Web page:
Thanks guys really appreciate the input though.

  • sidersddsidersdd Member Posts: 2,432
    ^ if your project is for educational purposes (especially for kids) and something which would benefit LEGO through some public exposure (public display, news article, research journal) then I'd say it's worth talking to someone at LEGO.
  • pcironepcirone Member Posts: 346
    Seems to me that 'automated' and 'inexpensive' can't co-exist. How about one of those rubber stamps with 'wheels' to change the letters and an ink pad with indelible ink? Low cost, professional results, but time consuming.
  • MinifigsMeMinifigsMe Member Posts: 2,844
    300,000 of anything, especially 2 sided isn't going to be cheap. 2-3 dollars doesnt' sound too bad! It's going to cost you about £10,000 just for the bricks.

    But this:, a permenant marker and a wall of bricks feeding through could be a solution!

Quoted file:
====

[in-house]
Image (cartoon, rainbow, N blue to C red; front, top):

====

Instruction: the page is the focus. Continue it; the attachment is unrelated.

• IstokgIstokg Member Posts: 2,362
    edited January 2012
    I remember I used to have a DYMO label maker, where you created your own labes, peeled the backing tape off, and they would easily stick to non-porous surfaces (such as 2x4 bricks).

    Here's some modern DYMO products that will do this...

    I'm sure they have a product that will be able to size to the side of a 2x4 brick... and new ones are easy to use.
  • georgebjonesgeorgebjones Member Posts: 224
    I haven't used it, but looks like this would be perfect for what you want.

    Color possibilities are endless, and I am sure it would do what you want. Only about $200 USD.
  • MatthewMatthew Administrator Posts: 3,714
    ^^ I've got a LetraTag, which I use for my BL store. It would probably do for white bricks.